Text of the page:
I am not sure that even a mental health evaluation can tell you if he would harm anyone. An opinion is subjective. It is no guarantee. Our kids are wonderful actors when seeing psychiatrists. Kay was forced to see a psychologist once when she was in high school and she charmed him!
    ;
    My husband and son love to hunt and we also have a gun for protection. But everything is locked away and the passwords to get to them are nothing anyone would ever be able to guess. Kay has thrown glass at us. That was scary enough. Please take care of yourselves.

    I think staying busy is a great idea for kids under, say under 16, but adults should have enough control to be able to rest without activity and still not get into trouble. Most of us have quiet times and do not look for guns or violate the law.
     
    Last edited: Jul 26, 2019
  7. gpho

    gpho New Member

    Copabanana, thank you for turning the lights on for me. This is the first time he has done this. We did call the crisis hotline, and they came and talked to him and us. However, as BusynMember said, my kid is supremely good at spinning things so he appears clear and concise, and then putting the blame on us. The social workers seemed to have gotten snowed, and unfortunately, I wasn't surprised. But at least we put down a boundary. We are actually looking at sending him out of state to a boarding school with counseling focus so he can be away from the family as well as work on getting through his anger. He has 2 more years of high school left to complete.
    Thank you so much for your input!!
     
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  8. overcome mom

    overcome mom Member

    I agree with the statements above that your son seems to have some serious problems that could turn dangerous. I don't think that every counselor, social worker, psychologist will be snowed by your son. Make sure that you write down the things your son says and what his behaviors have been that are beyond the norm so you can share with them. I know you want to do whatever you can to help your son. At this point I do not think that it would be a bad idea to place him in some type of residential treatment. You have not said why he is so angry. We all hate to think that our child could do something to hurt us or someone else but it does happen and it is not our fault. Hopefully you can frame his move as a place he can go to get away from what is making him so angry.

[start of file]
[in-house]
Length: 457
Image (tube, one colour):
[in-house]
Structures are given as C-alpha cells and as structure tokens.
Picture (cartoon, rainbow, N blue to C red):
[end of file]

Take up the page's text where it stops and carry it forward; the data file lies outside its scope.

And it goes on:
9. JayPee

    JayPee Sending good vibes...

    Welcome,

    I hope that you take everyone’s advice and be very cautious. This sounds and is very serious. Finding him some good help is definitely a good idea. I recall my youngest son having to take court ordered anger management classes and unfortunately he was angry to have to do that. It was like pulling teeth to get him out of bed and to these scheduled meetings. In fact we were both angry every time I drove him there. It was frustrating and likely not as in depth as to what you’re looking into. He didn’t benefit because he just went thru the motions. My son then got more into drinking and drugs until he decided to join the Marine Corp. we had one very proud year that I will never forget but after being medically discharged all his anger partying and drugs returned along with PTSD and anxiety.

    I guess in retrospect I wished we had figured out what he needed at 16 years old because now he’s 26 and is homeless, doesn’t work, etc. and disconnected in many ways unable and unwilling to make changes and take care of himself.

    It doesn’t get easier and once they’re 18 our hands are virtually tied as parents to really have input and or know what’s going on with mental health and the like due to the privacy act.

    I hope you find him the help he needs and that he’s a willing participant.